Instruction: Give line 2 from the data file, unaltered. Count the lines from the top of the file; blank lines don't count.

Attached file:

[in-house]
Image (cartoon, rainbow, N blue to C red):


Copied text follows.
Image (cartoon, rainbow, N blue to C red):